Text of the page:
Jacksonville Police Department, the Cherokee County Sheriff’s Department, Trinity Mother Frances and East Texas Medical Center held the annual emergency preparedness drill Thursday at The Landmark at the intersection of U.S. highways 69 and 79.
Every year police, fire, local hospitals and EMS entities around the state participate in emergency preparedness drills used to gauge strengths and point out weaknesses they may face in high risk emergency situations.
This year’s Jacksonville drill was a top priority situation which involved a fictional live shooter situation inside Sadler’s restaurant at The Landmark.
The drill included the Tyler Junior College vocational nursing students from the Rusk State Hospital, who acted as fatalities, severely injured trauma victims and even “annoying journalists”, according to Jessica Molanders, a nursing student from TJC.
Their participation helped test not only the skills of the police department but the students’ nerves as well.
“There were four ‘dead on arrivals’ with 16 ‘victims’ sent to local hospitals, including Trinity Mother Francis in Jacksonville, East Texas Medical Center Jacksonville and East Texas Medical Center Rusk,” said incident commander and Jacksonville Fire Chief Paul White. “We had 12 members of the JFD participating in the drill along with two ETMC ambulances, two Champion TMFH ambulances and approximately 11 members from the Jacksonville Police Department SWAT team.”
Approximately the same number of officers responded from Cherokee County Sheriff SWAT.
White said these drills happen every year so participants can be prepared for any situation to the best of their ability. Communications, how to handle different situations and deciding on the new scenarios to consider for future drills are included in the drills each year.
“The process starts when dispatch relays a message over the radio system,” White said. “In an active shooter situation like today, the call would most likely be ‘man with a gun’.
“We wait for SWAT to clear the building and secure the location to make sure our people are safe. Once the area is clear our trucks will roll in from a staging area and begin responding to the victims.”
White said Thursday’s drill was a success.
He said the initial call for the drill went out at 9 a.m. and the drill was declared complete at 10:08 a.m.
“Originally when we set up the drill we wanted to take a look at actual scenarios we felt could easily occur in today’s society,” said JPD Assistant Chief John Page. “We picked our scenario today and the setting basically where you could have a disgruntled employee or something of that nature coming to make a bad situation for people. In a situation like that, it’s good that we were able to set up a joint effort because of the size of the incident.”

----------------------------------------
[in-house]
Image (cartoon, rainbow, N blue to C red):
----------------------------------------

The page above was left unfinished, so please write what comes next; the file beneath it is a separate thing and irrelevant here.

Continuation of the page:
Page said he was pleased with the way it turned out.
“Each year we do this, we learn more and more and each drill gets better and better,” he said. “The purpose of the drill is to learn, see the deficiencies we have and figure out ways to make them better. All of the agencies involved worked extremely well together. Our SWAT teams got together and collaborated on what was really several scenarios playing out at the same time. It gave them the opportunity to see how they meshed as a team.”
From a tactical standpoint, SWAT team member David Heredia had an inside look on what the incident was like and how each team handled it.
“As far as the approach, I think we did really good,” he said. “Our perimeter was excellent and we entered the building pretty good.
“On the inside the check was done, the bad guy was found and they did their job well. The way our approach was supposed to go, we weren’t supposed to hit the building hard. We were deliberate and very careful. It went well.”
The Cherokee County Sheriff’s Department had their own concerns and had their own thoughts about how the drill went.
“I think it was a good drill and as far as I can tell, everything went very well, said Cherokee County Sheriff James Campbell.
SWAT Commander and Detective Martin Peppin agreed.
“I think it went well,” he said. “It gave us a great opportunity to work with Jacksonville Police Department SWAT. We worked on communication not only with them but EMS and fire officials as well.”
Local hospitals were also involved in the drill as well.
“Overall, I think today went pretty well,” said Karen Adams, RN, safety officer for ETMC Jacksonville. “Typically the problems that we do have in situations of this nature will be with communications. That’s why you have a drill to identify problems.
Overall the emergency service agencies in Jacksonville worked hard to facilitate proper preparedness and worked on making the city of Jacksonville the safest place it can be.
Next year’s drill scenario has not been decided.